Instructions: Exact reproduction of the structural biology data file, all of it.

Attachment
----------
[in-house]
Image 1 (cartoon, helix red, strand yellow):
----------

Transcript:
[in-house]
Image 1 (cartoon, helix red, strand yellow):